Posted In:Rendering | Greyscalegorilla
With the latest release, Autodesk’s Arnold renderer becomes the most versatile C4D render engine that works on both CPU and GPU.
One of the most asked questions Greyscalegorilla receives is which render engine to use. It’s still not a simple answer, but for the first time, we can definitely recommend one based on versatility + features.
Autodesk Arnold is one of the leading Cinema 4D render engines that can be used by both Mac and PC artists, and now that the NVIDIA GPU version is fully released it’s incredibly powerful.
Arnold 6 is not the most feature-rich new release, but it doesn’t really have to be.
The removal of the word BETA from it’s GPU offering could be called premature (and I wouldn’t necessarily argue with them), but there is no denying the power of being able to flip from CPU to GPU. The new licensing methods are also a welcome change to the old, overly complicated system that required a degree in IT to get up and running (though still has tons of room for improvement).
Let’s dive into the latest release, and really take a look at things.
Overall Benefits to Arnold 6:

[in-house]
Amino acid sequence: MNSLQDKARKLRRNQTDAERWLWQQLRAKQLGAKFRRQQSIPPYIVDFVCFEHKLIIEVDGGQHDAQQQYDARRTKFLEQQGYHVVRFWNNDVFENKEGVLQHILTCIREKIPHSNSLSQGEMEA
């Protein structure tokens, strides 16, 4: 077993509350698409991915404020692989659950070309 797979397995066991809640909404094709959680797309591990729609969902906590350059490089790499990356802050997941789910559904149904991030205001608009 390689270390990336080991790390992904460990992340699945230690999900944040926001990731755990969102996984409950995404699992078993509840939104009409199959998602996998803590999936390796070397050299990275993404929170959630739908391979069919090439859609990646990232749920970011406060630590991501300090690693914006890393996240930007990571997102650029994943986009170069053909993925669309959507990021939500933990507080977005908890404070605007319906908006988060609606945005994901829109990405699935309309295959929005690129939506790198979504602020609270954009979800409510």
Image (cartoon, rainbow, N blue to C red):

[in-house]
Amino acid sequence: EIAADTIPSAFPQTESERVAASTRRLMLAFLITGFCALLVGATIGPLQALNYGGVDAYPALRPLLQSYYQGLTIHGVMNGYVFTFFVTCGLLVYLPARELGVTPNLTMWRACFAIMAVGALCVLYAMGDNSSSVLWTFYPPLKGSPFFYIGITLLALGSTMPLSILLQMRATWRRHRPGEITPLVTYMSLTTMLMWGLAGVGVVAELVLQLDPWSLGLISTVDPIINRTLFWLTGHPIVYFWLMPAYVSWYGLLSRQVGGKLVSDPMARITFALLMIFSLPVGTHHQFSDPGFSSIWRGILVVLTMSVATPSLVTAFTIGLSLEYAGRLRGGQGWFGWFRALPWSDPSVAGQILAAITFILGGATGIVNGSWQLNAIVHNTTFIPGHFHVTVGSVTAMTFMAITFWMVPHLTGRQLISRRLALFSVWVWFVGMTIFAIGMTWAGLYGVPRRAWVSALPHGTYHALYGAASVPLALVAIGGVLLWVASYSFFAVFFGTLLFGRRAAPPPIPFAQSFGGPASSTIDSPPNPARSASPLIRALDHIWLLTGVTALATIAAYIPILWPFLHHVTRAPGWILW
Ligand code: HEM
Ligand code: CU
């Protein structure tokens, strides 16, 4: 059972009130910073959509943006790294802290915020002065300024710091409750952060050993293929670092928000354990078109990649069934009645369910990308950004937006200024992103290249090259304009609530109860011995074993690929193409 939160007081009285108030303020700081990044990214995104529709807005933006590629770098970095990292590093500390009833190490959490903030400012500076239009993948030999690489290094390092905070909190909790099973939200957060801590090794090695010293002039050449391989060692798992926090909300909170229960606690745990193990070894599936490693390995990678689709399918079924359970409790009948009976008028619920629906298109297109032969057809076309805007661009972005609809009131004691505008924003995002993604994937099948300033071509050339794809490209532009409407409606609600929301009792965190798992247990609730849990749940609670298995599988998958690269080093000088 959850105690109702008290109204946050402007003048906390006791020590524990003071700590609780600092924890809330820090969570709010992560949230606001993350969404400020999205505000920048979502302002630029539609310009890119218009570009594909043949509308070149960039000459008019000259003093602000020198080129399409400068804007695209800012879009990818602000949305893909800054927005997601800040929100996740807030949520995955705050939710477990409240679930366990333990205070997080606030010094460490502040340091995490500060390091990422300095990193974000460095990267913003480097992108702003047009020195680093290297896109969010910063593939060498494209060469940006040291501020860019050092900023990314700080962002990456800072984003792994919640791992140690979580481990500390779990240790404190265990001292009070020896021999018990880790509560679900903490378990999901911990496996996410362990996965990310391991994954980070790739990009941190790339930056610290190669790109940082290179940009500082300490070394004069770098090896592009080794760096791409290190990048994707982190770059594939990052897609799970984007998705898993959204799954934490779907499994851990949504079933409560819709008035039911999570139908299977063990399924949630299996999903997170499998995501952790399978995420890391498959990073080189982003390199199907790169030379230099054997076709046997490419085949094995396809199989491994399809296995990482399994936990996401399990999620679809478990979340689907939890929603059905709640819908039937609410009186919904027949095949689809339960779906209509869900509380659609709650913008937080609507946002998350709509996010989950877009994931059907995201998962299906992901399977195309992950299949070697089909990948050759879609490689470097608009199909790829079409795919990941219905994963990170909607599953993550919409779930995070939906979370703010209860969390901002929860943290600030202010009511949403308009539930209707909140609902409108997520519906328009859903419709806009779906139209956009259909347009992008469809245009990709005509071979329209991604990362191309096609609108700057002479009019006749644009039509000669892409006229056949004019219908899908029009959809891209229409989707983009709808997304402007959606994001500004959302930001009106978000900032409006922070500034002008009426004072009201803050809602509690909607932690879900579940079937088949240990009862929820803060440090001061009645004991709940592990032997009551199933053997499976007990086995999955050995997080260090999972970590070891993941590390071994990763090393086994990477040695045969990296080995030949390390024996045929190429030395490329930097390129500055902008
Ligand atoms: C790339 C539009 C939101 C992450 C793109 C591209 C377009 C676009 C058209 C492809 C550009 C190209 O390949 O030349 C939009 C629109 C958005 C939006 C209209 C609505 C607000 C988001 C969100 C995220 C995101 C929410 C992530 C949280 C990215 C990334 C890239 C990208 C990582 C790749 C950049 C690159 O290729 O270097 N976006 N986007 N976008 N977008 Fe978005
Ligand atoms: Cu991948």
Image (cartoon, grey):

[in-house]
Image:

- Easy to Use
- Most versatile renderer for both Mac and PC (CPU + GPU), though GPU is not supported on Mac
- Works across all major DCC’s including Cinema, Houdini, Maya, and Max
- Most feature-rich renderer (including a full Toon System)
- Supports more native C4D features than most current renderers (Noises, Background Object, Floor Object, etc)
- Extremely stable
- Memory Efficient
- Affordable Single Seat Licenses
- Monthly subscriptions available
- No watermark restrictions – You can work on the watermarked version with no feature limitations
- Extremely responsive IPR in both CPU/GPU
- Supports industry standards like OCIO+ACES, OSL
5 Must-Know Things About Arnold 6
- Arnold GPU:
- Out of Beta
- More Stable
- Supporting nearly every feature of CPU (including light filters, LPE’s, and nearly all AOVs)
- No Mac Support
- Lower Pricing Structure
- New Arnold license process – Somewhat easier to get up and running, and cheaper options.
- A ton of bug fixes. Stability matters in production.
- Quality of life updates (node alignment tools, material exports, etc)
Thoughts on Arnold GPU
Arnold GPU was no small feat. Taking a production-proven CPU renderer and pushing it to deliver 1:1 results on the GPU is very difficult. Renderman is currently working on XPU which promises to harness the power of your CPU and GPU simultaneously, but it’s proved challenging to bring to market. We believe the future is about leveraging ALL your hardware. Power and flexibility will always win out. Arnold being able to give 1:1 results on both CPU and GPU is incredibly compelling.